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What's in a Name?

What's in a Name? | Geography 101 | Scoop.it

The Pentagon has upset patriots by labeling the body of water between Korea and Japan in an exhibition depicting various battles fought during the 1950-53 Korean War as "Sea of Japan" rather than "East Sea."


Via Seth Dixon
Justin McCullough's insight:

I agree with Peter Kim and others that are fighting to have the name changed to the East Sea. The term "Sea of Japan" was used in colonial times of South Korea. Now that those times are long gone, it I can understand why South Korea would want to get rid of anything related to that time period. This actually reminds of something that I'm going over in my colonial history class; the Pueblo Revolt (1680). During this time Indians revolted against the Spanish colonizers oppressing them and taking away their traditions, forcibly converting them to Christianity. During their revolt the Indians destroyed many of the Spanish institutions, especially those related to religion. They destroyed churches and even defaced the statues of the saints, and returned to their traditional practices.

This article also reminded of Sri Lanka changing the its colonial name on Government institutions from Ceylon to Sri Lanka. This happened not to long ago. The Island's colonial name (Ceylon) was dropped when they became their own country in 1972. However, the name Ceylon remained on many of the Government institutions (e.g. Bank of Ceylon or Ceylon Fisheries Corporation). However, in 2010 the name was dropped for good.  

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Seth Dixon's curator insight, August 13, 2013 10:14 AM

Earlier this week I posted on whether a group of islands off the coast of Argentina should be called the Falkland Islands or Las Malvinas.  There is some geopolitical significance to which name you ascribe to particular places.  Does it matter if I call the sea to the east of the Korean Peninsula the "East Sea" and if someone else refers to this same body of water west of Japan the "Sea of Japan?"  For many years the Sea of Japan has been the defacto name internationally and South Korean officials have lobbied (quite successfully) to bolster the legitimacy of the name within the media, publishers and cartographers and other governments.  Last summer, a worker in the South Korean government's Ministry of Foreign Affairs requested that I share some resources that state South Korea's position(see also this 10 minute video), showing their commitment to this rebranding effort.  Also see this GeoCurrents article on the subject in 2012, after South Korea's failed attempt to get international recognition.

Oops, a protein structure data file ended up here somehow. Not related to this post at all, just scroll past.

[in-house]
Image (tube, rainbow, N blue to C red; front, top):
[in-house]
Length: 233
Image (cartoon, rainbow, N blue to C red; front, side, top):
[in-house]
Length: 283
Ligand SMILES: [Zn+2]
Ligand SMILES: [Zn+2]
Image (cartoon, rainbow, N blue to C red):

Questions to Ponder: What other places have multiple names?  What are the political overtones to the name distinctions? What are other tricky places on the map where distinct groups would label/draw things differently?  Is the map an 'unbiased' source of information? 


Tags: language, toponyms, South Korea, historical, colonialism, cartography.

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Why Study History? - American Historical Association

Why study History? What inspires YOU? http://t.co/b4sg3Evsyo
#RHULHistory #startofterm
Justin McCullough's insight:

When asked why I study history and why is it even important in today's society I've always fallen short of a clear answer. However, this article has made a clear cut arguement as to why the study of history is important. Quoting directly from the article the author states that "Historians do not perform heart transplants, improve highway design, or arrest criminals." Yet, the study of the past does has its benefits. The two reasons that I most readily agree with are that: (1) History helps us understand people and societes and (2) History helps us understand change and how the society we live in came to be. If we can understand people, societies, and the aspects of change we can be a more tolerant people.

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Before and after: Tornado cuts devastating path through Oklahoma